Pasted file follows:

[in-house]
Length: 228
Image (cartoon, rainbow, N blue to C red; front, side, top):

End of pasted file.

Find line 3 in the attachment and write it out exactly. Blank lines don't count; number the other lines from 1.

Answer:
Image (cartoon, rainbow, N blue to C red; front, side, top):